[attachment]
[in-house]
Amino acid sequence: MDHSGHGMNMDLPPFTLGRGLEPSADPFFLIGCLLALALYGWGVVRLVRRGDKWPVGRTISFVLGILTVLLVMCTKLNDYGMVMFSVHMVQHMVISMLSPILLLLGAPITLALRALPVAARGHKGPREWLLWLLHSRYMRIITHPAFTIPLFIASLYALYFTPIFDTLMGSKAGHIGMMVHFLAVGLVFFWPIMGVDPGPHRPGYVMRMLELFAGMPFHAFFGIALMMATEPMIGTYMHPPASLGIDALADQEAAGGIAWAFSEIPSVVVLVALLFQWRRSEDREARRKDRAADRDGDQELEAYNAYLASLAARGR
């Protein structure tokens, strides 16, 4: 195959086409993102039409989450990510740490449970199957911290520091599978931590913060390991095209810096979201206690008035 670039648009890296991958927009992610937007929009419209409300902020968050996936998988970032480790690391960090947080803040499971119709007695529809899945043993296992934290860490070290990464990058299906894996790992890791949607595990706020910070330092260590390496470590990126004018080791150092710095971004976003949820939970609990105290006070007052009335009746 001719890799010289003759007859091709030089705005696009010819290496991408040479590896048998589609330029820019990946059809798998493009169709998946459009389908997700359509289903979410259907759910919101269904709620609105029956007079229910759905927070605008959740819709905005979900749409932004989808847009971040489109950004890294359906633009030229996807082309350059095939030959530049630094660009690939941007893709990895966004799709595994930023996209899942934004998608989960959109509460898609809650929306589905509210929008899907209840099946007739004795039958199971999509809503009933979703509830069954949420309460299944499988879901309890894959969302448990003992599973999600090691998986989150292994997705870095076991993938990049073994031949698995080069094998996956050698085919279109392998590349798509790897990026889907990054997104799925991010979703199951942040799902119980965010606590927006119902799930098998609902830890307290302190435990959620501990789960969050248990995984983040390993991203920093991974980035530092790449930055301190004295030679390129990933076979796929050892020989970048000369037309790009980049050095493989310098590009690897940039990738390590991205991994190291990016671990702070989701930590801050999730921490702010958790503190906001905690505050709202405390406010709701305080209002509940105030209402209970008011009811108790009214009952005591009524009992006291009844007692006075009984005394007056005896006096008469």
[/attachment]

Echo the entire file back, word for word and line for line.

[in-house]
Amino acid sequence: MDHSGHGMNMDLPPFTLGRGLEPSADPFFLIGCLLALALYGWGVVRLVRRGDKWPVGRTISFVLGILTVLLVMCTKLNDYGMVMFSVHMVQHMVISMLSPILLLLGAPITLALRALPVAARGHKGPREWLLWLLHSRYMRIITHPAFTIPLFIASLYALYFTPIFDTLMGSKAGHIGMMVHFLAVGLVFFWPIMGVDPGPHRPGYVMRMLELFAGMPFHAFFGIALMMATEPMIGTYMHPPASLGIDALADQEAAGGIAWAFSEIPSVVVLVALLFQWRRSEDREARRKDRAADRDGDQELEAYNAYLASLAARGR
């Protein structure tokens, strides 16, 4: 195959086409993102039409989450990510740490449970199957911290520091599978931590913060390991095209810096979201206690008035 670039648009890296991958927009992610937007929009419209409300902020968050996936998988970032480790690391960090947080803040499971119709007695529809899945043993296992934290860490070290990464990058299906894996790992890791949607595990706020910070330092260590390496470590990126004018080791150092710095971004976003949820939970609990105290006070007052009335009746 001719890799010289003759007859091709030089705005696009010819290496991408040479590896048998589609330029820019990946059809798998493009169709998946459009389908997700359509289903979410259907759910919101269904709620609105029956007079229910759905927070605008959740819709905005979900749409932004989808847009971040489109950004890294359906633009030229996807082309350059095939030959530049630094660009690939941007893709990895966004799709595994930023996209899942934004998608989960959109509460898609809650929306589905509210929008899907209840099946007739004795039958199971999509809503009933979703509830069954949420309460299944499988879901309890894959969302448990003992599973999600090691998986989150292994997705870095076991993938990049073994031949698995080069094998996956050698085919279109392998590349798509790897990026889907990054997104799925991010979703199951942040799902119980965010606590927006119902799930098998609902830890307290302190435990959620501990789960969050248990995984983040390993991203920093991974980035530092790449930055301190004295030679390129990933076979796929050892020989970048000369037309790009980049050095493989310098590009690897940039990738390590991205991994190291990016671990702070989701930590801050999730921490702010958790503190906001905690505050709202405390406010709701305080209002509940105030209402209970008011009811108790009214009952005591009524009992006291009844007692006075009984005394007056005896006096008469």